# Thread: Finding zeros after using synthetic division.

1. ## Finding zeros after using synthetic division.

Use synthetic division to divide g(x)=x^3-17x^2+90x-144 by x-8. Use the result to find all zeros of g.

I got x^2-9x+12 for the quotient with -48 remainder.

Is this correct?
The problem is, how am I supposed to find all zeros when the divisor I am expected to use has a remainder? By the way the question is worded, do you think I am supposed to find a divisor that works?

2. Originally Posted by theevilp0ptart
Use synthetic division to divide g(x)=x^3-17x^2+90x-144 by x-8. Use the result to find all zeros of g.

I got x^2-9x+12 for the quotient with -48 remainder.

Is this correct?
The problem is, how am I supposed to find all zeros when the divisor I am expected to use has a remainder? By the way the question is worded, do you think I am supposed to find a divisor that works?
theevil,

The roots for your cubic are 3, 6, and 8. I got that from here:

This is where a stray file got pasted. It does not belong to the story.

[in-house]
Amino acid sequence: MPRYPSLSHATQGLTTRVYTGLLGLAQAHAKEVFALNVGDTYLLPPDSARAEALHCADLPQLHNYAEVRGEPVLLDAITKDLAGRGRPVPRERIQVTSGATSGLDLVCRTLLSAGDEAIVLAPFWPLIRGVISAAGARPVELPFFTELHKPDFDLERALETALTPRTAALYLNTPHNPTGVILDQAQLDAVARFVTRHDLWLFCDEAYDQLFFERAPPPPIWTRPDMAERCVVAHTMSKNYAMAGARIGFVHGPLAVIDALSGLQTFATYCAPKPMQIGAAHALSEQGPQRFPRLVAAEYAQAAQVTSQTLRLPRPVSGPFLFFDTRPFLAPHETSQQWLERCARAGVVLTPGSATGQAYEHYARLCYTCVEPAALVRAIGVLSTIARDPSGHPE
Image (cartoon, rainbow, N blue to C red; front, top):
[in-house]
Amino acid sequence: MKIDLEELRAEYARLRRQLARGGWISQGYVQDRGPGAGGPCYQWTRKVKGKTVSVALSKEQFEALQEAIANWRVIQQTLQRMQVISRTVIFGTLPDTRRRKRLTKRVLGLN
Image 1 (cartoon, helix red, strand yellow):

Soving Cubic Equations

Your discriminant was less than 0, which means the cubic has 3 real unique roots.

Since you want to divide by x - 8, you can use the synthetic division calculator I posted in the computer software forum also located here:

Synthetic Division

Dividing your cubic by (x - 8), I get $x^2 - 9x + 18$

That's a quadratic equation that you can easily solve for your last 2 roots.

Check out the math for the synthetic division to see where you went astray. Based on how close you and I are, I bet it was your last step in the constant column for synthetic division.

Let me know if you have questions.

3. Originally Posted by mathceleb
theevil,

The roots for your cubic are 3, 6, and 8. I got that from here:

Soving Cubic Equations

Your discriminant was less than 0, which means the cubic has 3 real unique roots.

Since you want to divide by x - 8, you can use the synthetic division calculator I posted in the computer software forum also located here:

Synthetic Division

Dividing your cubic by (x - 8), I get $x^2 - 9x + 18$

That's a quadratic equation that you can easily solve for your last 2 roots.

Check out the math for the synthetic division to see where you went astray. Based on how close you and I are, I bet it was your last step in the constant column for synthetic division.

Let me know if you have questions.
Oh... I see I made I simple math mistake in my addition. That changed the whole problem. Thank you for the help!

4. ## Just to let you know

if you get a remainder when synthetically dividing it means that your divisor is not a proper divisor(not sure if these terms work for polynomials) of your polynomial